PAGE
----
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16 pages, 1475 KiB  
Article
West Mexico Berries Modulate α-Amylase, α-Glucosidase and Pancreatic Lipase Using In Vitro and In Silico Approaches
by Carmen Alejandrina Virgen-Carrillo, Elia Herminia Valdés Miramontes, David Fonseca Hernández, Diego A. Luna-Vital and Luis Mojica
Pharmaceuticals 2022, 15(9), 1081; https://doi.org/10.3390/ph15091081 - 30 Aug 2022
Cited by 3 | Viewed by 1715
Abstract
The objective was to evaluate the antioxidant and biological potential of eight freeze-dried berry varieties of southern Jalisco using in silico and in vitro approaches. Fourteen tentative phenolic compounds were identified in berries by ESI-QToF, including anthocyanins, phenolic acids, flavanols and flavonols. In [...] Read more.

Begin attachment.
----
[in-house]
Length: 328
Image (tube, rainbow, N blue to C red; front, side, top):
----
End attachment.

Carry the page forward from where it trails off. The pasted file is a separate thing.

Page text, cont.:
The objective was to evaluate the antioxidant and biological potential of eight freeze-dried berry varieties of southern Jalisco using in silico and in vitro approaches. Fourteen tentative phenolic compounds were identified in berries by ESI-QToF, including anthocyanins, phenolic acids, flavanols and flavonols. In silico assays of phytochemicals in the berry inhibiting enzymes related to obesity and diabetes showed predicted binding energy interactions (ranging from −5.4 to −9.3 kcal/mol). Among the cultivars, antioxidant potential for DPPH IC50 ranged from 1.27 to 3.40 mg/mL, ABTS IC50 from 2.26 to 7.32 mg/mL and nitric oxide (NO) inhibition IC50 from 4.26 to 11.07 mg/mL. The potential to inhibit α-amylase IC50 ranged from 4.02 to 7.66 mg/mL, α-glucosidase IC50 from 0.27 to 4.09 mg/mL, lipase IC50 from 1.30 to 4.82 mg/mL and DPP-IV IC50 from 1.36 to 3.31 mg/mL. Blackberry cultivars from the southern Jalisco region showed outstanding biological potential compared to other evaluated berries and could be used in the formulation of functional foods in the prevention of noncommunicable diseases. Full article
(This article belongs to the Special Issue Natural Products for the Treatment of Obesity)